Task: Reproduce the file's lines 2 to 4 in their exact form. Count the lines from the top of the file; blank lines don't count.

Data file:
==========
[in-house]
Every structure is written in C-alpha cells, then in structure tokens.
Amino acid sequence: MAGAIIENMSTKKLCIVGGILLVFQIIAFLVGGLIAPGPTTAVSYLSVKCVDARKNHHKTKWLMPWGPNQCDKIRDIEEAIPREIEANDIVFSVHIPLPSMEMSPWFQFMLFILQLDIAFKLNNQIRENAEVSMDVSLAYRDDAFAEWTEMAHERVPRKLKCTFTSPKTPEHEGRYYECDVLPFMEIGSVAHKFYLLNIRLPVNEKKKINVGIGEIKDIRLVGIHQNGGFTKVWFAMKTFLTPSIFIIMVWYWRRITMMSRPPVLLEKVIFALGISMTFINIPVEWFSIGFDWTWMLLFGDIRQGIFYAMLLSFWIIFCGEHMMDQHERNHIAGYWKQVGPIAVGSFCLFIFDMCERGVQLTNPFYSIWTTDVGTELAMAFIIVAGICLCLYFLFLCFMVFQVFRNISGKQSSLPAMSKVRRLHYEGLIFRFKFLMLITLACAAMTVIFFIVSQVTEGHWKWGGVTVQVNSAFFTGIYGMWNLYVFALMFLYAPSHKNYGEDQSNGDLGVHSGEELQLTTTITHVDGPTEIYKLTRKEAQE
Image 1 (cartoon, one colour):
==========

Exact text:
Every structure is written in C-alpha cells, then in structure tokens.
Amino acid sequence: MAGAIIENMSTKKLCIVGGILLVFQIIAFLVGGLIAPGPTTAVSYLSVKCVDARKNHHKTKWLMPWGPNQCDKIRDIEEAIPREIEANDIVFSVHIPLPSMEMSPWFQFMLFILQLDIAFKLNNQIRENAEVSMDVSLAYRDDAFAEWTEMAHERVPRKLKCTFTSPKTPEHEGRYYECDVLPFMEIGSVAHKFYLLNIRLPVNEKKKINVGIGEIKDIRLVGIHQNGGFTKVWFAMKTFLTPSIFIIMVWYWRRITMMSRPPVLLEKVIFALGISMTFINIPVEWFSIGFDWTWMLLFGDIRQGIFYAMLLSFWIIFCGEHMMDQHERNHIAGYWKQVGPIAVGSFCLFIFDMCERGVQLTNPFYSIWTTDVGTELAMAFIIVAGICLCLYFLFLCFMVFQVFRNISGKQSSLPAMSKVRRLHYEGLIFRFKFLMLITLACAAMTVIFFIVSQVTEGHWKWGGVTVQVNSAFFTGIYGMWNLYVFALMFLYAPSHKNYGEDQSNGDLGVHSGEELQLTTTITHVDGPTEIYKLTRKEAQE
Image 1 (cartoon, one colour):